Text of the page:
As unaffected and fat-free as the would-be superstars it profiles, the intrepid “Girl Model” gets inside the virtual human trafficking of beautiful young Russians into the netherworld of the Japanese modeling market, tracking one young blonde Siberian’s experience from breathless hopeful to damaged dreamer. Broadcast on PBS is assured, but the vaguely salacious nature of the story and the tenacity of the directors could help further advance a docu that manages to balance guileless objectivity with a very determined point of view.
Using no narration and limited titles, helmers David Redmon and Ashley Sabin open their gritty verite drama with a fantastically bleak shot overlooking the Siberian city where the story begins, and then move inside where it’s warm — a modeling meat-market that draws hundreds of young Russian girls hoping to hit the big time, parading their skinny innocence around in bargain-basement bathing suits. They all dream of being chosen to go to Japan, where work is guaranteed and a bright future is promised, both of which, not unexpectedly, turn out to be figments. But while Sabin and Redmon never actually expose anything — the slippery male characters they interview reveal little that’s overtly illicit, not even their perpetual pipeline into impoverished Russian youth — it doesn’t take a sommelier to detect the piquant bouquet of arch criminality.
The girl at the center of “Girl Model” is 13-year-old Nadya Vall, a willowy candidate whose childlike looks make her a shoo-in for the youth-obsessed Japanese market and whose consequent travails are chronicled by Sabin and Redmon, from Siberia to Tokyo and a series of misadventures that seem built into the system. But where Vall is the picture of innocence and aspiration, ex-model Ashley Arbaugh is something else. The film’s most intriguing and enigmatic character, Arbaugh now wrangles young girls for the Russian agency run by a shady customer named Tigran, and his Japanese counterpart, known as “Messiah” (a mogul who “really likes models,” as Arbaugh says, in the film’s most loaded moment).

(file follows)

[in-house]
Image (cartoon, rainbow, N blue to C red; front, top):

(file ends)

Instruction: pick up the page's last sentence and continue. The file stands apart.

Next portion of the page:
While “Girl Model” falls a bit short in the delivery of hard facts and incriminating evidence, it more than makes up for that with its knotty psychological profile of Arbaugh, whose own video-diary entries from the mid-’90s — when she was modeling — provide a haunted glimpse into exploited youth. A visit to Arbaugh’s home in Connecticut, a spacious, rambling modernist dwelling with all the warmth of a bus station, is a creepfest: A pair of baby dolls sit upright on the couch in a living room devoid of almost all other decor. Arbaugh comments that she thought it was appropriate when she bought the house to buy the dolls, too. She has an overt desire for children and an apparent inability to have them; her need is palpable and pitiful, and the doll sequence has the mind reeling.
Still, Arbaugh continues to help funnel young girls into a business that chews them up and spits them out. “Girl Model” isn’t judgmental, except by implication, but it is a bit heartbreaking in terms of not only the girls and their plight, but also the desperation behind their families’ willingness to send children into a game so rigged against them. Their contracts, we’re told, routinely forbid them to gain weight or inches — and since adolescents who don’t grow are either sick or dying, this is clearly a way to get rid of them for any reason whatsoever. Vall ultimately doesn’t suffer irreparable damage, even if her dreams do, but what she symbolizes about the global culture’s idolization of youth and beauty — and its lack of remorse in exploiting it — speaks volumes.
Production values are understandably and perhaps appropriately horrid at times, given the seat-of-the-pants filmmaking and the nature of the characters and their story.